Comparative Children's Literature
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Comparative Children's Literature
Taking in issues of children's 'classics', the canon and world literature for children, Comparative Children's Literature reveals that this branch of literature is not as genuinely international as it is often fondly assumed to be and is essential reading for those interested in the consequences of globalization on children's literature and culture.
In her article "Aboriginal Australian and Canadian First Nations Children's Literature" Angeline O'Neill discusses Canadian First Nations and Australian Aboriginal children's picture books and their appeal to a dual readership. Inuit traditional storyteller and writer Michael Kusugak, Nyoongar traditional storyteller and writer Lorna Little, and Wunambal elder Daisy Utemorrah are cases in point. Each appeals to Indigenous and non-Indigenous, child and adult readerships, thus challenging two assumptions in Western scholarship on literature that 1) the picture book genre is necessarily the domain of children and 2) that traditional Indigenous stories are, similarly, best suited to children. O'Neill considers the ways in which Indigenous children's picture books represent the interaction between text and culture and challenge notions of literariness.
With the approval of the graduate adviser, 15 units selected from other English and comparative literature departmental graduate offerings. At least six of these elective units must be taken outside of specialization and from other specializations within the English M.A. program. A maximum of six units of courses acceptable for graduate credit in other departments (when appropriate) may be used toward satisfying this requirement.
Linda SalemLibrarian, Love LibraryEmail: [email protected]Areas: Children's literature illustration; Rare books and special collections; Comparative Literature/children's literature; Edward Gorey Personal Library; Equity, diversity, and inclusion in children's and young adult book collections; World children's literature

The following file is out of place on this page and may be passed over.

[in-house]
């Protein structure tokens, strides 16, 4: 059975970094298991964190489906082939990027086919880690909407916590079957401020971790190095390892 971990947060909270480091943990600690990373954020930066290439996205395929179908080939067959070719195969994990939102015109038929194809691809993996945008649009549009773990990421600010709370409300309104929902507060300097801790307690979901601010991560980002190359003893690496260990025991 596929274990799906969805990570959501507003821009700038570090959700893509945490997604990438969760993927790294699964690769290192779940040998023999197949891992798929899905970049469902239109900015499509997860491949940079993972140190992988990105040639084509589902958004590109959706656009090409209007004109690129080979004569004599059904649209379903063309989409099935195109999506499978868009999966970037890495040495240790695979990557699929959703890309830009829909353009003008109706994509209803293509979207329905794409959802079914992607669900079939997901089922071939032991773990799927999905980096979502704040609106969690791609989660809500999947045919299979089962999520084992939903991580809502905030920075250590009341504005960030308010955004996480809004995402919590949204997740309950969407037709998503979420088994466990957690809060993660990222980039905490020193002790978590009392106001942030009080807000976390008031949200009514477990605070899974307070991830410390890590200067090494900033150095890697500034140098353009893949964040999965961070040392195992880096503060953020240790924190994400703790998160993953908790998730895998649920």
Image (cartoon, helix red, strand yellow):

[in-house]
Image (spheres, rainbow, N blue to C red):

"Emer O'Sullivan traces the history of comparative children's literature studies, from the enthusiastic internationalism of the post-war-period - which set out from the idea of a supra-national world republic of childhood - to modern comparative criticism. Drawing on the scholarship a...
At last Emer O'Sullivan's scholarly, state-of-the-art study of comparative children's literature is available in an English version by Anthea Bell, whose commitment to children's books makes her an excellent choice as translator. O'Sullivan addresses here, and in the more comprehensive German original (Kinderliterarische Komparatistik, 2000), the history of children's literatures across the world, the intercultural exchange of children's books, and the intriguing cross-cultural transformation of individual texts. She places her enterprise firmly within the tradition of comparative literature by listing a number of constituent areas, ranging from research into contact and transfer of children's books to image studies, comparative genre studies (the development of girls' stories or the school story in particular countries, for example), and the comparative historiography of children's literature.
O'Sullivan sets the historical context for her study by presenting a critical summary of global perspectives on children's literature, starting with the idealistic internationalism of pioneers Paul Hazard in the 1930s, and Jella Lepman in the post-war period. Hazard's 'universal republic of childhood' was one dominated by western children's literature, an untenable position today. O'Sullivan also challenges recent theories that all children's literatures follow a similar pattern of development from didacticism to diversity (Zohar Shavit, Maria Nikolajeva), citing as counter examples the children's literatures of the Irish Republic and black Africa. Since each postcolonial children's literature has a unique history and may follow a very different trajectory from that familiar in Nor